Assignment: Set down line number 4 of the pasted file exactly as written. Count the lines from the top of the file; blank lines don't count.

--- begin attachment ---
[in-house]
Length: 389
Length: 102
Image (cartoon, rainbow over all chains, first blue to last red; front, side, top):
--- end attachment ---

Image (cartoon, rainbow over all chains, first blue to last red; front, side, top):